As gold lost its lucre against declining inflation, central banks around the world consciously decided to reduce their holdings in gold to re-invest in other investment avenues. As a result, gold holdings as a percentage of the bank reserves have been on a constant decline. In 1970 gold amounted to 43% of the global financial reserves. In October 2000 the figure stood at 12.7%.
The central banks’ around the world reduced their holdings in two ways. One, they lent it to their respective bullion banks at a nominal interest (around 2%). These bullion banks then sold this gold at market prices and employed the capital generated in other more rewarding avenues like the stock markets etc. These banks foresaw that inflation rates are only going downhill and so it made sense for them to unlock the value of gold and invest in more lucrative instruments.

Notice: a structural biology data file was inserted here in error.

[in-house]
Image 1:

The second method which the central banks’ employ to reduce their gold holding is an outright auction of their gold reserves. The unloading of their gold reserves is largely responsible for filling in the crucial 1,500 tonnes per annum gold supply gap. As a result, gold prices have stayed where they are.
The auction of gold by western countries like UK is becoming more frequent. As a result, the supply is likely to keep pace with demand. Moreover, inflation around the world continues to be under control. In such a scenario gold will continue to figure in our country as more of an ornament rather than an investible avenue. About 75% of the gold produced in the world's mines goes to jewelry production. Indians have traditionally bought gold more as ornaments and less as an investible alternative.